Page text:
Losing a few pounds is a nice bonus of the plan, but don’t expect to see dramatic results on the scale. A loss of around four pounds over the 30 days is typical.


Michael Anders, head trainer and owner of Shape Up Fitness & Wellness Consulting, specializes in helping his clients navigate the various stressors in life so they'll have a more balanced approach to health, fitness and nutrition. 

Anders has a Masters Degree in Sports Science, Sports Medicine. He especially enjoys focusing on post-injury recovery and coaching his clients to help get their eating under control or optimize it for their sports and activities.

During the Living the Good Life As A Woman In 2018 event organized by financial advisor Alison Rowe of Baird Private Wealth Management, he shared his top tips. 

Set Realistic Goals

  • To increase your success, set a goal to fix one negative habit at a time because success breeds success

  • A goal should have a 90% chance of success at a minimum

  • When setting a goal, don't include the words "never" or "always"

  • If you find the goal you set isn't doable, reduce it until it is possible


  • Eat meals slowly (slow eaters eat less food and reach satiation earlier)

  • Eat until you're 80% full

  • Eat mindfully without distractions (no phones or TV) because people who eat without distractions are more cued into their hunger/appetite feelings

  • Focus on having protein with each meal

  • Nutrition is a crucial element in any fitness transformation so start working on making healthier food choices as quickly as possible


  • Don't overcommit by saying you'll exercise 5 or 6 times a week - that's unrealistic

  • Aim to exercise 3 times a week

  • Something is better than nothing: even if you just exercise for 10 minutes a day that adds up





Fitness and nutrition expert Michael Anders of Shape Up Fitness & Wellness Consulting.

Fitness and nutrition expert Michael Anders of Shape Up Fitness & Wellness Consulting.



Be the star of your holiday party with this healthy and festive option for the buffet table, a Broccoli Tree. It's among the recipes featured in the Christmas issue of Woman's World magazine. 

Start by taking a 9"x4" Styrofoam cone. Wrap it in plastic wrap. Using 14 cups of broccoli florets, trim the ends flat and insert a toothpick into each floret. Starting at the bottom of the cone and working around it in rows, insert the toothpicks with florets until the tree is covered. Transfer the tree to a serving plate. 

Cut red peppers in half lengthwise; then cut crosswise into 1/4"-wide strips. Cut one yellow pepper in half lengthwise. Using a 2-1/4" star-shaped cookie cutter, cut star shapes from one piece.  Cut the remaining piece crosswise into 1/4"-wide strips. Using a 1" star-shapped cookie cutter, cut out shapes from carrots cut into 1/4"-thick slices.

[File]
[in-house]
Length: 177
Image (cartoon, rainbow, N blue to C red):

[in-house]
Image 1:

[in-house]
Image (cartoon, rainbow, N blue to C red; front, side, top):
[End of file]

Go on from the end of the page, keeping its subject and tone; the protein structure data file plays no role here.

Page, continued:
Arrange pepper strips on tree, tucking ends in between florets, leaving about 1/2" sticking out. Press cherry tomatoes and carrot stars onto toothpicks and insert them in between florets to hold vegetables on tree. Tuck radish slices in between florets. Insert toothpick into edge of yellow pepper star; insert into top of tree.

If not serving immediately, lightly drape damp paper towels over tree, cover with plastic wrap and refrigerate. Serve with your favorite dip. 




Go head, tell them what you think. Just be nice about it. 

Go head, tell them what you think. Just be nice about it. 

It's true! Honesty really is the best policy according to new research from the University of California San Diego's Emotion Lab. An article about the research in Spry Living magazine reported that the researchers found that "prosocial" lies - the little lies we tell others in order to not hurt their feelings - makes us feel good in the moment, but guilty later.

The reason behind this reaction is actually very sweet: We tend to lie to people we care about. The researchers advise people to try "gentle honesty" instead. So, for example, when a friend or family member asks you if you like their new hair style, and you hate it, say something along the lines of, "I'm partial to when you wear it longer," or whatever the case may be. The main thing is to be honest because you want the other person to trust you, but don't be be harsh or blunt. 



Ready or not, flu season is here.

If you're planning on getting a flu shot, you may be interested to know a new study from British scientists claims that getting vaccinated in the morning is ideal. Those in the study who got their flu shots between 9 a.m. and 11 a.m. produced more antibodies (think of them as mini flu fighters) than those who were vaccinated in the afternoon.